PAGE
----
Sips

For Peet's sake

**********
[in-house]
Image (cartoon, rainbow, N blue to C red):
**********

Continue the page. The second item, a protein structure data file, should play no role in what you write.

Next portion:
Before there was a Starbucks, there was a Peet's. And before there was a Peet's, there was . . . well, not much, really; not in the way of fine fresh-roasted premium coffee for home brewing; not in North America, at least. Serious Northwest coffee buffs have been procuring Peet's via mail order since the Bay Area roastery opened back in 1966. Now less dedicated caffeinites can sample the Peet's product both on tap and in the bag at all Larry's Market stores. It's pretty impressive stuff, even if you're in the habit of brewing from premium beans at home. Baristas dump any carafe when contents are more than half an hour from brewing. Each 12-ounce vacuum-sealed packet of Peet's prominently displays the date its contents were roasted, and retailers are instructed to pull any bags that have been on the shelf too long. When one bakery chain in the Northeast failed to cooperate with the rule, Peet's pulled its products entirely. Even a firm extremely dedicated to quality might jib at losing a million-pound- a-year contract such as that Northeastern bakery chain's, and Peet's proprietor Gerald Baldwin confesses that it wasn't easy. But he also says the company simply had no choice. "I know my customers. They demand the highest quality and can tell the difference, and if we err from their standard, they're quick to point it out." To maintain those standards and remain competitive in the ever-more-crowded premium coffee trade has required Peet's "to reinvent the whole way we roast and ship," Baldwin says. "It's not very efficient, roasting 34 different blends of coffee daily instead of letting a computer control the process, turning out a couple weeks' worth of one product and then moving on to the next. "But coffee roasting is still an artisanal process. No computer is as sensitive as a human being, and our chief roaster's been on the job for 20 years. We're now well into a third generation of fine coffee producers in America, and what we're proudest of is that despite our volume, we still make coffee as good as the best of the little guys do." What about fair trade coffee? Baldwin sympathizes with the idea for the short term but thinks it's economically unsustainable. "The best beans already fetch premium prices. The current coffee glut is due to too much planting in inferior locations. Paying farmers a premium to grow low-quality coffee for export, when they and their countries would be better off growing a different crop for local consumption, doesn't help anybody in the long run." E-mail your beverage-related thoughts to sips@seattleweekly.com.

 
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